Published online Sep 26, 2022. doi: 10.12998/wjcc.v10.i27.9936
Peer-review started: May 21, 2022
First decision: June 27, 2022
Revised: July 2, 2022
Accepted: August 11, 2022
Article in press: August 11, 2022
Published online: September 26, 2022
All drugs have the potential to cause drug-induced lung injury both during and after drug administration. Acetaminophen has been reported to cause drug-induced lung injury, although this is extremely rare. Herein, we present an extremely rare case of acetaminophen-induced pneumonia.
A healthy 35-year-old Japanese woman visited a neighborhood clinic with complaints of fever and malaise following a tick bite. Her treatment included 1,500 mg acetaminophen (Caronal®) and subsequently minocycline (200 mg) and acetaminophen (2,000 mg; Caronal®) daily when her condition did not improve; the patient was eventually hospitalized. The patient’s chest computed tomography (CT) revealed consolidation and ground-glass opacities in the right middle and lower lobes. Minocycline was shifted to sulbactam/ampicillin. However, her fever did not improve during follow-up, and her chest CT revealed extensive ground-glass opacities in the right middle and lower lobes and thick infiltrative shadows in the bilateral basal areas. Drug-induced lung injury was suspected; hence, acetaminophen was discontinued. The fever resolved immediately, and inflammatory response and respiratory imaging findings improved. A drug-induced lymphocyte stimulation test was performed against acetaminophen (Caronal®), and significant proliferation of lymphocytes was noted only for acetaminophen (stimulation index, 2.1).
Even common drugs such as over-the-counter drugs can cause drug-induced lung damage.
Core Tip: We present an extremely rare case of acetaminophen-induced lung injury. Even common drugs, including over-the-counter drugs, can cause lung injury, warranting consideration when evaluating emergent lung disease.
- Citation: Fujii M, Kenzaka T. Drug-induced lung injury caused by acetaminophen in a Japanese woman: A case report. World J Clin Cases 2022; 10(27): 9936-9944
- URL: https://www.wjgnet.com/2307-8960/full/v10/i27/9936.htm
- DOI: https://dx.doi.org/10.12998/wjcc.v10.i27.9936
All drugs have the potential to cause drug-induced lung injury both during and after drug administration. Although this is extremely rare, acetaminophen can also reportedly cause drug-induced lung injury. Drug-induced lung disease is associated with various pathophysiologic and clinical presentations and syndromes. However, certain clinical patterns of pneumonia are likely to occur with specific types of drugs, as previously reported. The drug provocation test is the gold standard for confirming the diagnosis of drug hypersensitivity. However, this test is associated with a high risk of severe side effects; therefore, its use is controversial.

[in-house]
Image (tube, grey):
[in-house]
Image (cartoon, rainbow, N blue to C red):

In clinical practice, resolution of symptoms after suspected drug exposure cessation is usually sufficient for diagnosis without the need for rechallenge. The diagnosis of drug-induced lung injury is based on a combination of information, including symptoms, physical examinations, drug intake and medical history, and imaging and pathological findings. Acetaminophen-induced lung injury generally presents as a clinical form of drug-induced eosinophilic pneumonia[1,2]. Acetaminophen is one of the most frequently used drugs, and a few studies have reported acetaminophen-induced lung injury. Herein, we describe the clinical characteristics of acetaminophen-induced pneumonia in a Japanese woman.
A healthy 35-year-old Japanese woman visited a neighborhood clinic 7 d before hospitalization with complaints of fever and malaise.
She was bitten by a tick while cleaning her house 9 d before hospitalization.
Nothing in particular.
Her personal and family history was unremarkable. On admission, she had no history of smoking or allergies as well.
On physical examination at admission, the patient’s temperature was 37.3 °C, blood pressure was 93/52 mmHg, pulse rate was 72 beats/min, respiration rate was 16 breaths/min, and peripheral capillary oxygen saturation level was 96% (room air).
Respiratory and cardiovascular tests yielded clear results. Lymph nodes were palpable in the right axilla with two erythematous patches in the surrounding area.
The patient’s peripheral white blood cell count was 8310/mm3, with 86.5% neutrophils, 11.7% lymphocytes, and 0.0% eosinophils. Her C-reactive protein level was 31.65 mg/dL. Tests for antibodies against Orientia tsutsugamushi showed negative findings. Blood culture results were also negative. Urine culture revealed Enterococcus species and coagulase-negative Staphylococci (Table 1).
|Parameter||Recorded value||Standard range|
|White blood cell count||8310/µL||4500-7500/µL|
|Hemoglobin||11.8 g/dL||11.3-15.2 g/dL|
|Platelet count||23.2 × 103/µL||13-35 × 103/µL|
|Total protein||6.9 g/dL||6.9-8.4 g/dL|
|Albumin||3.5 g/dL||3.9-5.1 g/dL|
|Total bilirubin||0.7 mg/dL||0.2-1.2 mg/dL|
|Aspartate aminotransferase||31 U/L||11-30 U/L|
|Alanine aminotransferase||26 U/L||4-30 U/L|
|Lactase dehydrogenase||368 U/L||109-216 U/L|
|Blood urea nitrogen||9.6 mg/dL||8-20 mg/dL|
|Creatinine||0.5 mg/dL||0.63-1.03 mg/dL|
|Sodium||135 mEq/L||135-145 mEq/L|
|Potassium||4.2 mEq/L||3.6-5.2 mEq/L|
|Chlorine||98 mEq/L||98-108 mEq/L|
|C-reactive protein||31.65 mg/L||≤ 1.0 mg/L|
|Procalcitonin||0.66 ng/mL||≤ 0.3 ng/mL|
|KL-6||205 U/mL||≤ 500 U/mL|
|Surfactant protein A||105.9 ng/mL||≤ 43.8 ng/mL|
|Surfactant protein D||105.3 ng/mL||≤ 110 ng/mL|
|C3||136 mg/dL||86-160 mg/dL|
|C4||28.7 mg/dL||17-45 mg/dL|
|IgG||1137 mg/dL||870-1700 mg/dL|
|IgA||193 mg/dL||110-410 mg/dL|
|IgM||134 mg/dL||35-220 mg/dL|
|ACE||15.2 U/mL||8.3-21.4 U/mL|
|Antinuclear antibody||< 40||< 40|
|RF||< 3 U/mL||0-15 U/mL|
|Anti-CCP antibody||0.8 U/mL||< 5 U/mL|
|Orientia tsutsugamushi Karp IgG||< 10||< 10|
|Orientia tsutsugamushi Karp IgM||< 10||< 10|